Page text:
Michelin car tires such as the Michelin X and the Harmony had the lowest rolling resistance of all tires in a recent Consumer Reports test. But those tires are built for comfort and low noise. Truck tires may be built to some other requirements that truck drivers feel are more important. So I wouldn't necessarily say that LRR translates to truck tires.

Although I have never personally owned a truck nor have I any test results to prove this, but I don't think aluminum wheels will ever pay for themselves by increasing MPG due to less weight. There is a potential to increase MPG by switching tires but to do so you would have to look for a less aggressive tread, possibly a 16" car tire instead of a LT tire. Even so, you won't notice and benefit at speeds above 40. At lower speeds, you might be able to get a statistically significant test result.

Just my opinion, no hard data to back it up. :-)


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Old 02-17-2006, 04:21 AM   #3
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Sweet!

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Originally Posted by krousdb
Michelin car tires such as the Michelin X and the Harmony had the lowest rolling resistance of all tires in a recent Consumer Reports test. But those tires are built for comfort and low noise.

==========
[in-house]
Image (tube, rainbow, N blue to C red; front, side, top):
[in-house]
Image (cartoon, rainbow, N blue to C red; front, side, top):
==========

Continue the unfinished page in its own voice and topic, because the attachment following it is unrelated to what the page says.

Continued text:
Sweet! We've been looking all over for recent tests of tires' rolling resistance (since it's not a required industry test). How new is the CR test?

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Old 02-17-2006, 04:39 AM   #4
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Sweet!

Quote:
Originally Posted by krousdb
Michelin car tires such as the Michelin X and the Harmony had the lowest rolling resistance of all tires in a recent Consumer Reports test. But those tires are built for comfort and low noise.
Sweet! We've been looking all over for recent tests of tires' rolling resistance (since it's not a required industry test). Awesome -- I pulled up the data (you have to be a web member to get access -- luckily I am). I'll see about the site's policies and post some info...